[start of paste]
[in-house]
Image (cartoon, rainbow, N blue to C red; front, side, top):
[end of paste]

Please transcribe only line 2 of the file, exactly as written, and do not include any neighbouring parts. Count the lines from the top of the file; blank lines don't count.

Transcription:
Image (cartoon, rainbow, N blue to C red; front, side, top):